The research in Coquand's area stretches back over 100 years, when the philosopher and mathematician Bertrand Russell coined the concept of 'types' in an effort to solve a number of mathematical problems. Thus, the concept was originally developed in response to entirely internal problems within the field of foundation of mathematics.
The so-called type theory became the most precise formulation of logic, and eventually came to also include links between mathematical proofs and computer programmes. Today, the concept of types plays an important role in the context of different programming languages for example. Type theory is also used within fields such as linguistics and language technology, since a 'type' serves as a carrier of meaning and also facilitates correct grammar in translations. Coquand has been involved in the research project TYPES ever since it was started in the late 1980s.
Alan Turing, one of the founders of computer science, is another person who has played a critical role in the evolution of the research area. Around 1930, Turing solved Hilbert's "Entscheidungsproblem" (decision problem) by providing a rigorous definition of the mathematical concept of algorithm. While this may sound very abstract and inaccessible, Turing's definition of algorithms actually laid the foundation for digital computing as we know it. His definition has also had an enormous impact on how problems are solved in computer science.
Thierry Coquand's ERC grant is intended to push his research a step further on the path started by Bertrand Russel and Alan Turing.
'My work is a continuation of the work of Russell and Turing, and it deals mainly with a new way of connecting mathematical reasoning and algorithms, coming from more recent research in type theory' says Coquand.'But when it comes to future areas of application, I'd like to point out that the field may set off in a direction that's entirely different than we once thought. Nevertheless, the theoretical issues are extremely interesting to work with and solve, regardless of in what context the results will be applied.'
The ERC grant is, unlike other EU grants, open to individual researchers. It does not require applicants to be part of a network. Grants are available in all areas of science, and cross-disciplinary applications are encouraged. The sole criterion is scientific excellence. (Source: The Swedish Research Council)
Helena Aaberg | idw
Tracking down pest control strategies
31.01.2018 | Technische Universität Dresden
Polymers and Fuels from Renewable Resources
29.01.2018 | DECHEMA Gesellschaft für Chemische Technik und Biotechnologie e.V.
A newly developed laser technology has enabled physicists in the Laboratory for Attosecond Physics (jointly run by LMU Munich and the Max Planck Institute of Quantum Optics) to generate attosecond bursts of high-energy photons of unprecedented intensity. This has made it possible to observe the interaction of multiple photons in a single such pulse with electrons in the inner orbital shell of an atom.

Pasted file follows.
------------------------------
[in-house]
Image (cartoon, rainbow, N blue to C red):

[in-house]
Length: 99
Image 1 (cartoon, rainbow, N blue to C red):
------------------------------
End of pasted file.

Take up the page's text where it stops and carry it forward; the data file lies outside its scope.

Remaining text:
In order to observe the ultrafast electron motion in the inner shells of atoms with short light pulses, the pulses must not only be ultrashort, but very...
A group of researchers led by Andrea Cavalleri at the Max Planck Institute for Structure and Dynamics of Matter (MPSD) in Hamburg has demonstrated a new method enabling precise measurements of the interatomic forces that hold crystalline solids together. The paper Probing the Interatomic Potential of Solids by Strong-Field Nonlinear Phononics, published online in Nature, explains how a terahertz-frequency laser pulse can drive very large deformations of the crystal.
By measuring the highly unusual atomic trajectories under extreme electromagnetic transients, the MPSD group could reconstruct how rigid the atomic bonds are...
Quantum computers may one day solve algorithmic problems which even the biggest supercomputers today can’t manage. But how do you test a quantum computer to...
For the first time, a team of researchers at the Max-Planck Institute (MPI) for Polymer Research in Mainz, Germany, has succeeded in making an integrated circuit (IC) from just a monolayer of a semiconducting polymer via a bottom-up, self-assembly approach.
In the self-assembly process, the semiconducting polymer arranges itself into an ordered monolayer in a transistor. The transistors are binary switches used...
Breakthrough provides a new concept of the design of molecular motors, sensors and electricity generators at nanoscale
Researchers from the Institute of Organic Chemistry and Biochemistry of the CAS (IOCB Prague), Institute of Physics of the CAS (IP CAS) and Palacký University...
15.02.2018 | Event News
13.02.2018 | Event News
12.02.2018 | Event News
23.02.2018 | Physics and Astronomy
23.02.2018 | Health and Medicine
23.02.2018 | Physics and Astronomy